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Five Minutes Early
Suddenly, John Greer found that he was at the entrance to Heaven.
Before him stretched the white and azure cloud-lands of the hereafter, and in the far distance he could see a fabulous city gleaming gold under an eternal sun. Standing in front of him was the tall, benign presence of the Recording Angel. Strangely, Greer felt no sense of shock. He had always believed that Heaven was for everyone, not just for the members of one religion or sect. Despite this, he had been tortured all his life by doubts. Now he could only smile at his lack of faith in the divine scheme.
"Welcome to Heaven," the Recording Angel said, and opened a great brass-bound ledger. Squinting through thick bifocals, the angel ran his finger down the dense rows of names. He found Greer's entry and hesitated, his wing tips fluttering momentarily in agitation.
"Is something wrong?" Greer asked.
"I'm afraid so," the Recording Angel said. "It seems that the Angel of Death came for you before your appointed time. He has been badly overworked of late, but it's still inexcusable. Luckily, it's quite a minor error."
"Taking me away before my time?" Greer said. "I don't consider that minor."
"But you see, it's only a matter of five minutes. Nothing to concern yourself over. Shall we just overlook the discrepancy and send you on to the Eternal City?"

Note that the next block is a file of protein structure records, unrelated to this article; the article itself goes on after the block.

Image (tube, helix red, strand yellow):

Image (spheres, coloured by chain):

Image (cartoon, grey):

The Recording Angel was right, no doubt. What difference could five more minutes on Earth make to him? Yet Greer felt they might be important, even though he couldn't say why.
"I'd like those five minutes," Greer said.
The Recording Angel looked at him with compassion. "You have the right, of course. But I would advise against it. Do you remember how you died?"
Greer thought, then shook his head. "How?" he asked.
"I am not allowed to say. But death is never pleasant. You're here now. Why not stay with us?"
That was only reasonable. But Greer was nagged by a sense of something unfinished. "If it's allowed," he said, "I really would like to have those last minutes."
"Go, then," said the Angel, "and I will wait for you here."
And suddenly Greer was back on Earth. He was in a cylindrical metal room lit by dim flickering lights. The air was stale and smelled of steam and machine oil. The steel walls were heaving and creaking, and water was pouring through the seams.
Then Greer remembered where he was. He was a gunnery officer aboard the U. S. submarine Invictus. There had been a sonar failure; they had just rammed an underwater cliff that should have been a mile away, and now were dropping helplessly through the black water. Already the Invictus was far below her maximum depth. It could only be a matter of minutes before the rapidly mounting pressure collapsed the ship's hull. Greer knew it would happen in exactly five minutes.
There was no panic on the ship. The seamen braced themselves against the bulging walls, waiting, frightened, but in tight control of themselves. The technicians stayed at their posts, steadily reading the instruments that told them they had no chance at all. Greer knew that the Recording Angel had wanted to spare him this, the bitter end of life, the brief sharp agony of death in the icy dark.
And yet, Greer was glad to be here, though he didn't expect the Recording Angel to understand. How could a creature of Heaven understand the feelings of a man of Earth? Greer knew that he had been given a rare opportunity of saying goodbye to his home, and to do so without fear of what lay ahead. As the walls collapsed he was thinking of the beauties of the Earth, trying to remember as many as he could, like a man packing provisions for a long trip into a strange land.
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